A drawing of a woman using OTP to log in to a web app.

Verify phone numbers on the web with the WebOTP API

Verify phone numbers on the web with the WebOTP API

Help users with OTPs received through SMS

Updated
Appears in: Identity
Gotchas!

If you want to learn more general SMS OTP form best practices including WebOTP API, checkout SMS OTP form best practices.

What is the WebOTP API? #

These days, most people in the world own a mobile device and developers are commonly using phone numbers as an identifier for users of their services.

There are a variety of ways to verify phone numbers, but a randomly generated one-time password (OTP) sent by SMS is one of the most common. Sending this code back to the developer's server demonstrates control of the phone number.

This idea is already deployed in many scenarios to achieve:

  • Phone number as an identifier for the user. When signing up for a new service, some websites ask for a phone number instead of an email address and use it as an account identifier.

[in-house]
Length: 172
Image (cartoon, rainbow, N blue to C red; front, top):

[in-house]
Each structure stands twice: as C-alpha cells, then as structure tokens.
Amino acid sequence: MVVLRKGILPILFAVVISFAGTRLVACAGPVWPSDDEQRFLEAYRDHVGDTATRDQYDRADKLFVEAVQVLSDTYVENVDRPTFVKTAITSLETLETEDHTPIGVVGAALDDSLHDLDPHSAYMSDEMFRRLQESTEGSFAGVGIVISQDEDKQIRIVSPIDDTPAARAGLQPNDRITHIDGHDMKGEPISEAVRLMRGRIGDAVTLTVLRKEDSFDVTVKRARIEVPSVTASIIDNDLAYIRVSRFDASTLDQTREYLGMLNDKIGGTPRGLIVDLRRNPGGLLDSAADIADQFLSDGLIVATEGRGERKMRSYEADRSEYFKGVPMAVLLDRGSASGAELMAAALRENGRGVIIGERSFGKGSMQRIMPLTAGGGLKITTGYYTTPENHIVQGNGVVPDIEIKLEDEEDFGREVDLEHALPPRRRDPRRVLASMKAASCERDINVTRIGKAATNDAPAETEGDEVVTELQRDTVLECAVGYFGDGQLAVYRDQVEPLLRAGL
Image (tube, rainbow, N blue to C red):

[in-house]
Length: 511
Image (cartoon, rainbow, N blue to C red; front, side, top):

• Two step verification. When signing in, a website asks for a one-time code sent via SMS on top of a password or other knowledge factor for extra security.
  • Payment confirmation. When a user is making a payment, asking for a one-time code sent via SMS can help verify the person's intent.

The current process creates friction for users. Finding an OTP within an SMS message, then copying and pasting it to the form is cumbersome, lowering conversion rates in critical user journeys. Easing this has been a long standing request for the web from many of the largest global developers. Android has an API that does exactly this. So does iOS and Safari.

The WebOTP API lets your app receive specially-formatted messages bound to your app's domain. From this, you can programmatically obtain an OTP from an SMS message and verify a phone number for the user more easily.

Warning: Attackers can spoof SMS and hijack a person's phone number. Carriers can also recycle phone numbers to new users after an account is closed. While SMS OTP is useful to verify a phone number for the use cases above, we recommend using additional and stronger forms of authentication (such as multiple factors and the Web Authentication API to establish new sessions for these users.